Emma Sumner finds an innovative, experimental and internationally respected creative scene in India’s buzzing metropolis…
Perched in the middle of India’s Deep South, the city of Bangalore is probably best known as the country’s aviation and information technology capital, earning it the moniker ‘the Silicon Valley of India’.
Having risen to become India’s fifth most populated city, Bangalore has experienced an overwhelming surge in development over the past decade and is now one of modern India’s buzzing cosmopolitan metropolises. But this city is not just a corporate cosmopolitan hub; it proudly boasts an internationally respected and wholly unique art scene.
Amongst India’s arts elite, Bangalore holds a strong reputation as a city which nurtures resident artists and where innovative and experimental arts projects are developed and celebrated. Playing a central role within this environment is 1Shanthiroad studio gallery, a welcoming space where the city’s creative community gather to see exhibitions, debate cultural issues or drop in for a quick cup of chai and a friendly catch up. Founded in 2003 by Suresh Jayaram, 1Shanthiroad has been integral in generating engagement with the visual arts in Bangalore.
As Jayaram explains, the space “brings together artists from local, national and international practices… [we] have built a platform for experimental work and focus on the process of dialogue, debate and nurturing. These innovative approaches are significant to challenge the boundaries of academic art practice and be a recourse and nodal point for visual culture.”
With international partners like the Goethe Institute (a German international cultural cooperation with hubs in several Indian cities including Bangalore), 1Shanthiroad has become an internationally reaching organisation housing artists from all over the world through its global residency programme.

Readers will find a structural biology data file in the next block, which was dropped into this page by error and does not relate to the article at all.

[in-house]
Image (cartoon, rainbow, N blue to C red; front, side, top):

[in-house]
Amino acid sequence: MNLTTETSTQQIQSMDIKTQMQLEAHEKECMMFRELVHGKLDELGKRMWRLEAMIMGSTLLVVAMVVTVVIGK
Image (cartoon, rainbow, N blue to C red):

One of the most prevalent elements of Bangalore’s art scene is the huge amount of artist-led activity happening in the city, a large proportion of which is initiated by pro-active performance artists like Smitha Cariappa, who in 2011 established Live Art, Bangalore. Involving international and local artists, Live Art — and its subsequent bi-annual Live Art Labs – creates an interactive platform to discuss the possibilities of, interact with and perform new and experimental works with the aim of bridging the gap between artist and audience.
“More often in Bangalore”, Cariappa told me, “visual artists embrace performance art for the joy of making art outside the white cube, and to receive an immediate response from the audience/spectator, and to keep it real. The growth of the city has become an incubator for creative/performative expressions, with the raw, found, unconventional spaces becoming the chosen platforms to reach the common man, the target audience.”
On the other side of the city, Gallery Sumukha has nearly two decades of experience in supporting and developing local artistic practice. Operating as an international commercial gallery with a portfolio of artists, the gallery exhibits at numerous international art fairs, with sales of work helping to fund their work with emerging makers and their schools outreach programme. The gallery is also proud to host a regular Art Camp (an important part of artistic development in India), which provides an opportunity to develop a deeper relationship with the artists involved, and develop audience participation through student visits and public openings.